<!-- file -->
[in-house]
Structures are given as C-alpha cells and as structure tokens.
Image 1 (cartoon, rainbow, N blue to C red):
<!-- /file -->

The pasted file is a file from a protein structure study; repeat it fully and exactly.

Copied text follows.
[in-house]
Structures are given as C-alpha cells and as structure tokens.
Image 1 (cartoon, rainbow, N blue to C red):